Images like these are critical; they put an upper limit on how bright the supernova was just before it exploded, which helps scientists figure out the physical processes that go in in the very early hours of a star exploding. That’s hard to catch, so there aren’t many observations of very young supernovae. Clearly though, with more amateur astronomers with better equipment patrolling the skies all the time, we’ll be getting more shots like these.

The current brightness of the supernova is around 13.3, but I expect it’ll get brighter in the coming days. Not bright enough to see naked eye, and you’ll still probably need a 30cm telescope to see it without a digital camera, but that’s still pretty cool. Stay tuned!

Images credits: Anthony Ayiomamitis; George Carey; Parijat Singh.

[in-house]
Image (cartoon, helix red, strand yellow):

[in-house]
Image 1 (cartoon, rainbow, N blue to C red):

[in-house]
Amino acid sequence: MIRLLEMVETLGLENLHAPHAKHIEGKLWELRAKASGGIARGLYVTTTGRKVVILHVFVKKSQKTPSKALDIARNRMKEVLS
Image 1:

* UPDATE: I got a note from my friend and supernova expert Alex Filippenko. He points out that just seeing a supernova in a spiral arm doesn’t guarantee that it was a massive star; the other major type of supernova (Type Ia) happens with very old stars, and these can by coincidence happen to be in a spiral arm when they go off. He’s right (of course). He also notes that Type Ib and Ic supernovae are from massive stars; and perhaps I shouldn’t have limited myself to this one being a Type II. The taxonomy of supernovae is a little confusing, and maybe someday that’ll be the topic of a post here!

CATEGORIZED UNDER: Astronomy, Pretty pictures
MORE ABOUT: M95, SN 2012aw

Comments (25)

  1. Sunil

    I still can’t believe star can pop up like that in just a few days :) — awesome video!

  2. What’s the “star” on the right edge near the middle that nearly disappears from 15th to 16th? Is that Mars? It seems too close and too dim, and there does seem to be a speck of something there even in the later frames.

  3. Todd

    Mars would be much brighter. Must be a slight difference in framing. Or, perhaps Darth Vader blew it up.

  4. kmw

    Just curious…how do they come up with the name? SN 2012aw Is “aw” for the person who found it?